Scholarly Communication Institutions: Transforming Scholarship with HistorySociety for Social Studies of Science (2015)
The current scholarly communication system has developed over centuries; yet, more recently it has been breaking down. Different disciplines have diagnosed this as an economic breakdown between libraries and publishers, a social failure among academics, and as a technological disruption. Of course, all of these answers are true to some degree. By combining approaches from information science and history, it may be possible to understand scholarly communication system more clearly. Historians such as Steven Shapin in A Social History of Truth (1994) have suggested that academic dialogue rests on “trust.” As the number of people participating became larger, that trust migrated from individuals to institutions. Information scientists like Christine Borgman in Scholarship in the Digital Age (2004) argue that computers have become a kind of intermediary that separate producers and consumers of knowledge, which, in turn, causes such institutions to malfunction.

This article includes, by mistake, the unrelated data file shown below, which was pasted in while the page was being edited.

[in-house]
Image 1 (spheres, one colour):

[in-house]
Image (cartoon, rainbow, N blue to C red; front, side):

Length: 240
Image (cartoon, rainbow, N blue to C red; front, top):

In the current knowledge economy, it is absolutely essential that scholarly communication function not only for academics, but indeed for all participants (students, taxpayers, and practicing professionals). If scholars Shapin and Borgman are correct, combining approaches from their fields may help to understand the fundamental factors influencing academic discourse, and the potential for new technologies to address those issues. Hopefully with that theoretical work in place, it may be possible to discuss the more practical question of what new institutions will be needed and how they can benefit all players in a new scholarly communication system.
Publication DateNovember, 2015
Citation InformationShawn Martin. "Scholarly Communication Institutions: Transforming Scholarship with History" Society for Social Studies of Science (2015)
Available at: http://works.bepress.com/shawnmar/26/